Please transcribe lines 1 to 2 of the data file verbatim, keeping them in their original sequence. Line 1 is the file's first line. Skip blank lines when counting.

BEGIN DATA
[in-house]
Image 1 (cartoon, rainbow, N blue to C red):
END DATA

[in-house]
Image 1 (cartoon, rainbow, N blue to C red):